Is the Secular Exclusion of Divine Explanations for History as Biased as Supernaturalistic Historiography?
Posted by NT Wrong on September 13, 2008
Sometimes Christians object that it is just as biased to reject ‘supernaturalistic’ explanations for the life of Jesus as it is to allow such explanations in one’s historiography.
A recent example comes from Jim West — that is, the prolific biblioblogger of that name, not the author of a recent travel-book on queer underground culture in Beijing. We understand they are different people.
Anyway, Jim West, the biblioblogger, recently said this:
“Is not the a priori exclusion of the possibility of divine activity in the human sphere just as prejudiced a viewpoint as that of the evangelical who insists that there is only one explanation for the Church; ie, divine activity?”
The context of Jim West’s rhetorical question is a response to James Crossley’s portion of a soon-to-be-released co-authored book on Jesus, the resurrection, and the origins of the early church, How Did Christianity Begin?
As phrased, Jim West’s point is undoubtedly true. If one excludes certain historical reconstructions from consideration on a priori grounds, then, that is undoubtedly as biased as any other a priori exclusion of possible explanations. It would be like a historian of Haitian colonisation consciously refusing to consider local Haitian viewpoints, but only considering the viewpoints of the colonisers. Such an approach would be obviously prejudiced and untrustworthy. And that’s why no good historian proceeds in such a fashion. In fact, what Jim West has described is not a credible scholarly method of historiography.
But those historians who reject supernaturalistic explanations don’t simply apply a priori reasoning. This is why Jim West’s criticism — a criticism, the tu quoque criticism, which is a very common apologetic criticism — is simply inapplicable. The basis for rejecting ‘supernaturalistic’ explanations is not in fact out-of-court and a priori — it is an attempt to arrive at the best explanation of the available facts. Having reviewed a large body of historical data from many places and many times, historians have consistently concluded that the better explanations involve a complex of social-historical factors. The best explanation of the victory of the Britons over the Romans involves the declining power of the Romans, not the supernatural powers of ‘Arthur’ or ‘Merlin’. The best explanation of the rise of Hitler involves certain social and political reasons between the two World Wars together with certain ideological developments of the time — and such an explanation is sufficient, so that any talk of an ‘evil power’ is nonsense. Time and again, historical investigations provide sufficient explanations in terms of mundane quotidian explanations, making otiose any additional ‘supernaturalistic’ explanations.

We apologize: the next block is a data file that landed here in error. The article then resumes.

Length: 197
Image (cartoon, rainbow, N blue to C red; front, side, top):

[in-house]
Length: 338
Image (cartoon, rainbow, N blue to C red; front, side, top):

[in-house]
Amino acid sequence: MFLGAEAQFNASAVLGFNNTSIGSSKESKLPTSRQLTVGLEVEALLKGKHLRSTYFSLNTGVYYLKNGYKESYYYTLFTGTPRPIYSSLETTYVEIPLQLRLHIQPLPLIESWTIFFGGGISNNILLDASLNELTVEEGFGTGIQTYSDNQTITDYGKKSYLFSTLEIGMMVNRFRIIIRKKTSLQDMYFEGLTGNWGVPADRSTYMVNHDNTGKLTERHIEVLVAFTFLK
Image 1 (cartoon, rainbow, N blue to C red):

So, the old chestnut, ‘you’re biased too, because you reject supernaturalistic explanations out of court, on a priori grounds’ is demonstrably untrue. The rejection of supernaturalistic explanations in historiography is the result of a long build-up of explanations for the human and natural world that have rendered supernaturalistic explanations redundant. In other words, there is nothing ‘a priori’ (deductive) in the method at all. The method is abductive; establishing which types of explanations best and most economically fit the facts.
Ordinary mundane socio-political factors provide sufficient historical explanations for British history (without positing a magical Merlin), for Judean history (without positing a god who directs history), for the origin of the early Islamic empire (without positing an Allah who directs history), for the rise of the United States (without positing some ‘Manifest Destiny’), etc, etc. Sure, true believers will always be able to claim that the history in which they have a vested interest is unique in a way that fundamentally distinguishes it from all other reality. But in doing so, they have to counter the weight of historical and scientific explanation. Now, that is real ‘bias’.
Update: I just spotted James Crossley’s reply to Scot McKnight, which is on a similar parallel to this post, but is much more entertaining.
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